Hayden Thorpe : Diviner

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Hayden Thorpe Diviner review

The album notes for former Wild Beasts frontman Hayden Thorpe’s debut album open with the dictionary definition of its title, “diviner”. A gimmick so worn out as to be almost threadbare, upon seeing it the first thoughts are naturally along the lines of, “there better be a damn good reason for this”. “1. A person who practices divination: SOOTHSAYER / 2. A person who divines the location of water or minerals.” No real revelations in the depths of this noun so far, but then in fairness it will only reveal its meaning through the music and the relationship between them. To go down the dictionary definition route is a very deliberate one, and clearly an important one to Thorpe as an attempt to divine some kind of clarity within doubt. It’s these thin tendrils of exposition that the former Wild Beasts frontman spends his first solo outing exploring.

“Diviner was an album written in secret,” says Hayden Thorpe. “In the holding room between past and future.” The cynically astute among you might mutter that there’s a word for that, but one can understand the sentiment. The present is a notoriously difficult place to live one’s life; the age old “carpe diem” platitudes garnering more momentum as hopeful wall hangings written in script than any sort of pragmatic advice for slowing most of our pendulums gonging between wistful nostalgia and aspiration. With a series of gentle, piano-based ballads Thorpe unpacks his uncertainty of both those extremes. It’s a lush record, more intimate and vulnerable than his work with Wild Beasts while still brimming with propulsion; almost self-indulgent but not necessarily in a bad way.

Birthed from a need to simplify, Thorpe looked to his piano. The opening and title track came from a “need to suspend winter,” ultimately the “divining rod of what would come next” as he returned to London and wrote the remaining songs. Fully steeped in proper songwriting, flourishes of electronics, pulsing rhythms and instrumentation might populate the record—even fully formed tracks like the excellent drone instrumental “Spherical Time,” but this songs are ultimately about the agents of Thorpe’s words: the piano and voice. Always unique in the world of rock, to like Thorpe’s music you really need to like his operatic countertenor style of singing—something particularly resonant throughout Diviner. It’s beautiful, no doubt, but over the course of an album can almost feel heavy, like eating too much ice cream. But on the whole, it works—Thorpe battling his stasis with elegant beauty.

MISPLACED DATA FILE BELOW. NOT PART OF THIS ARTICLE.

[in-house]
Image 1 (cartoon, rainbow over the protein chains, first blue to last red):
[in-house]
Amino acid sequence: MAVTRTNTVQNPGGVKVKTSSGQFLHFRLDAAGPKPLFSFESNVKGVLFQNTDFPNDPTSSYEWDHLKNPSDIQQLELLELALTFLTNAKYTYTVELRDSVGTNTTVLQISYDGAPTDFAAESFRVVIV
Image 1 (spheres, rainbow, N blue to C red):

“This is a break-up album, but not about a relationship,” he says. “It’s a break-up from a past self.” This sentiment litters Diviner’s themes. “My ghost had left my skin, diviner bring it in,” he sings on “Diviner” over a gentle chord progression with a whiff of whisky-house smokiness, “our house of mirrors always shimmering.” “Stop Motion” sees him struggling with a lack of continuity in the most pop chorus of the record as he sings, “stop motion I’ve been holding still for so long, I won’t hate on that that I can’t control or let go,” while “Straight Lines” lays out a candid pain, “how I am supposed to live when living with you baby makes me end up like this?” Late album highlight “Anywhen” provides much needed momentum with its steady piano lines and insistent electronic rhythms, the “strangers, strangers again” refrain quite tragic in its simplicity, only emphasized by its hidden gems, “even the ones we love we once knew nothing of.”

So, lovely and deeply personal, it remains worth questioning whether the diviner element of the record is fulfilled. Sure, it’s a deep exploration of his personal state at the time of writing, and the key to Diviner is just how invested Thorpe is in these songs. Dictionary definitions are included because for Thorpe, this is his need for prophetic vision, his need for hidden water in a desert; and when you care that deeply about something like this, you’ll do the most earnest things for it. The only challenge therein is convincing others it’s worth the earnestness to them, because if you can’t, it can easily come across as a little over the top. A first glance over Diviner and you might be tempted in that direction, but take the time to fully absorb these songs and it’s hard to deny he achieves what he sets out to do. His ‘holding ground’ between the tenses, we’ve all felt that, and this record brings that out in a way that’s undeniably moving.

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